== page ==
Democrat California Governor Gavin Newsom continues to keep an iron grip on the state’s residents with coronavirus restrictions, including closing playgrounds — a move criticized by at least one doctor and fellow “progressive” legislator Matt Haney, who said the move is “devastating” for children.
This remodeled park in the TL opened for just a few weeks, provided safe, healthy, stewarded play & respite. It is soul crushing that it will be required to close.
Meanwhile on blocks surrounding it, literally 100s of people are still congregating on sidewalks, mostly w/o masks. pic.twitter.com/JIIcDps01r
— Matt Haney (@MattHaneySF) December 5, 2020
“I’m introducing a resolution, co-sponsored w @HillaryRonen, to call on the Governor and state to amend the public health orders to keep playgrounds open for kids,” Haney tweeted on Monday. “@Ash_Kalra @LorenaSGonzalez @BuffyWicks & others have organized a similar effort among state legislators.”
— Matt Haney (@MattHaneySF) December 5, 2020
I'm introducing a resolution, co-sponsored w @HillaryRonen, to call on the Governor and state to amend the public health orders to keep playgrounds open for kids. @Ash_Kalra @LorenaSGonzalez @BuffyWicks & others have organized a similar effort among state legislators
— Matt Haney (@MattHaneySF) December 8, 2020
Monica Gandhi, an infectious diseases and HIV doctor at the University of California at San Francisco also spoke out about the playground shutdown on social media, including the fact that by banning people for gathering outside leads to more people inside, which can lead to spreading the virus.
“Therefore, to institute the same measures as in March, including shutting down of playgrounds (despite lack of evidence on surface transmission), outdoor dining (where there has been no data to show that this is unsafe), and prohibiting members of different households to gather outside, is not data-driven,” Gandhi tweeted. “Decisions that are non-data driven, despite the public knowing so much more about the virus as well, will erode trust in public health officials and foster noncompliance with such orders. This can drive people indoors who used to gather outdoors.”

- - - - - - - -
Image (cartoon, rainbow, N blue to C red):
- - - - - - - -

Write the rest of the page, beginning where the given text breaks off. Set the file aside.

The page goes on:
My concern about the almost-complete lockdown order in 5 counties in Bay Area is that it is similar to March, but we have learned so much about the virus since March! In March, a complete lockdown was indicated because we didn’t know if the virus was spread from surfaces;
— Monica Gandhi MD, MPH (@MonicaGandhi9) December 5, 2020
The San Francisco Chronicle reported on the pushback:
Already isolated from friends and taking classes via laptop, many Bay Area kids — and their fed-up parents — took some solace in the fresh air and fun at their local park or playground. San Francisco reopened playgrounds in October, and they proved popular.
Their disappearance is not. Parents … are unhappy, as are some politicians and even one doctor.
“We’ve only been able to go to playgrounds here in San Francisco for six short weeks. It has been bliss!” said Courtney Helland, 40, who has three young children. “My 4-year-old loves to swing. He could do it for hours. Hearing his giggles and squeals as I push him higher and higher is the magical sound of childhood. My heart breaks when I realize he was denied that joy all summer and will be denied again starting (Monday). It really feels like the city is shutting down playgrounds just to ‘do something.’”
Come on, CA! Playgrounds are a vital piece of urban infrastructure, particularly for those who live in tight quarters with little or no outside space. While public schools remain closed, kids need dedicated spaces to play and exercise. @LondonBreed @GavinNewsom @philginsburgsf https://t.co/RnL4TtPhNI
— Decreasing the Distance – SF (@sf_dtd) December 6, 2020
The Chronicle reported that even the head of the city’s parks is not pleased.
“Families from all parts of the city are frustrated and sad,” Phil Ginsburg, general manager of the San Francisco Recreation and Park Department, said. “We’ve heard quite a bit.”
Last week, a dozen state legislators sent a letter to Newsom about the playground closures.
“It is necessary for the mental and physical health of children to have opportunities to expend their physical energy and play,” the lawmakers wrote. “However, especially in lower-income communities, families may have little to no outdoor space of their own available. Public playgrounds provide a shared outdoor resource for families without having to travel far, pay entrance fees, or need additional outdoor gear.”
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